Steven Dellinger-Pate aka a Sumo Wrestler

This article was written by Lei DeGroot, a sophomore in the journalism class here at U-32. 

 

Current principal and incoming WCUUSD superintendent Steven Dellinger-Pate came to U-32 in the 2014-2015 school year. He’s worked diligently throughout his tenure between COVID and more Steven has retained his ability to do hard and school centric work. Steven has had many different, little and impactful moments in his years at U-32, “I had a couple of different TA groups that I inherited when they were juniors or seniors and seeing them go off to college and being a part of their lives, I think was some of the most important things that I’ve done” said Steven.

 

Steven as a principal amplifies his values and willingness to be out there, “Stevens the person that you see before you walk in and the person you see when you walk out of school, and it’s gonna be such a different environment when he’s gone,” said Willow Mashkuri, a school board member and senior at U-32.

 

Willow knows Steven because of his experiences and having three older siblings who went to U-32 As one of the non voting school board members she has gotten the opportunity to talk with Steven a lot. Willow thinks of “Steven as someone that really shows up and for me that was seeing him outside of school at functions.” for example “He showed up to a celebration of life one time,” said Willow

 

During the 2020-2021 school year Steven would often be outside of the front door being the first person many students would see. ”Rain or shine…out there greeting people, being the first person they see as they come into the school…to me that really exemplifies how he is as a principal,” said Karen Liebermann, the director of the Branching Out program at U-32. 

 

(Steven, Karen, Geoff, Kevin, Erin M., Erin GB., Kara, Amy, and Michelle T.M. In Nepal/Karen Liebermann U-32)

 

Earlier this year when Karen, Steven, Geoff, and many more U-32 staff members went to Nepal they were trying to create a certain partnership between U-32 and a school in rural Nepal. During that trip they ate and cooked a lot of different traditional foods. “We also did a lot of eating. We share a love of food and we talked our way into a food and cooking workshop with Jimmy Lamas’ wife to learn how to cook some basic Nepali foods, basic traditional Nepali foods,” said Karen.

 

When Steven went on the Nepal trip he went to a rural middle school in the rural areas of Nepal. He went to a classroom and students at the school were very curious about what America and Vermont was like. He also got to do what he really wanted to do. “Being able to visit a 10th grade math classroom, you know, because I’m a math nerd as well,” said Steven.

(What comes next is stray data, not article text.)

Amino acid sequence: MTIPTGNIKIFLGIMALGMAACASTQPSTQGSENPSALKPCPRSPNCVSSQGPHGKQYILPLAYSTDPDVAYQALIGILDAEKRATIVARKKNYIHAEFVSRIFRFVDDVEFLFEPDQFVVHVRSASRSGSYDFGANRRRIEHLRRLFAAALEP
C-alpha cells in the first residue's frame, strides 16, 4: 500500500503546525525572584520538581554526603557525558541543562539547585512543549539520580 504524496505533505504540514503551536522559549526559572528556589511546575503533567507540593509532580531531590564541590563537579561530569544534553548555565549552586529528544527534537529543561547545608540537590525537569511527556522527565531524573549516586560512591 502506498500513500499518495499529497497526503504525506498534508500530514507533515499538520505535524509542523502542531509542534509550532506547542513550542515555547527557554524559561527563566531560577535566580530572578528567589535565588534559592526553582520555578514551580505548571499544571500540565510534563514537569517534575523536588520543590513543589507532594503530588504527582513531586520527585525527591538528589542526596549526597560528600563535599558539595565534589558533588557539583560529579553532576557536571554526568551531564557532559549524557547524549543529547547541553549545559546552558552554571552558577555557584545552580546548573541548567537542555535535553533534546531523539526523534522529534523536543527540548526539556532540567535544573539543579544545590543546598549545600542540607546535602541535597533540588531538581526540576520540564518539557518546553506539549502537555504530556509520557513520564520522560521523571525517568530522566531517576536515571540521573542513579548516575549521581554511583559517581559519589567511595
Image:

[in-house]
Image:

Today in the school hangs a beautiful, traditional Nepali piece of art that Karen and Steven purchased. “Steven and I had got to go on a morning outing. We had some shopping time. It was one of our last days in Nepal and we were in search of a few important items. One was going to be the mandala painting…I got to be with Steven when he helped pick out the mandala painting that’s now in our atrium,” said Karen.

 

After purchasing the mandala painting from the art studio, Steven and Karen went to find something else, “Then right after that, we went to search for singing bowls, and we fell into this. Tibetan singing bowls are all over the place in Kathmandu, but we almost fell into a workshop where Steven was getting a demo on healing moles. And so I watched this the guy who is doing a full treatment Steven got the full treatment of the healing balls,” said Karen. 

 

(Steven and Karen with Tashi Lama of the painting school/Karen Liebermann U-32)

 

Recently, Steven and some of his colleagues went to Nepal as a partnership program between schools. Karen was one of the individuals who went on this trip, so was Geoff Green, a Democratic Roots teacher, Steven Dellinger-Pate, the principal, and many more. “I think what stood out to me is how exceptional of a traveler Steven is,” said Geoff. 

 

According to Geoff, Steven is really knowledgeable about Nepal and especially the food. 

“One I was amazed by his love of knowledge of Indian and South Asian food. Steven taught me how to eat Indian food with my hands. Steven’s knowledge of the spices and different ingredients in the food was really extraordinary,” said Geoff. 

 

As the trip came to an end, the people on the trip went to a fancy dinner with traditional Nepali dancing and acting. There were multiple courses that would come out along with dancers and one interesting thing, a peacock puppet. “He will peck you on the head until you give it money. That was one of the performances and I was sitting next to Steven as this was happening and so watching Steven get pecked in the head by a puppet peacock until he gave it a donation,” said Geoff. 

 

As Steven moves onto the position of District Superintendent Geoff said, “It’d be hard not to think of that when I have meetings with a new superintendent.”

 

The school’s librarian Jill Abair and Administrative Assistant of Printing and Supplies Tucker Cruikshank commend Steven for his efforts and style of working over the years. As the librarian position isn’t full-time and Jill, being a parent, was grateful of Steven and the school’s administration for giving her the freedom to perform her job how she saw fit, “Steven as well as the other administration here at the time, were very flexible with us teachers and they didn’t micromanage our time in the way that I’ve seen some of my colleagues in other schools,” said Jill.

 

Tucker Cruikshank said that he would sometimes get a little heated and Steven would have to defuse the situation sometimes. “I tend to get pretty heated about some things and there’ve been a few moments where I’ve had some heated moments and Steven has come in and had to deal with me,” Tucker said.